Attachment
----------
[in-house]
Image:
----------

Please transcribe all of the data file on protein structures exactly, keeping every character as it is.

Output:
[in-house]
Image: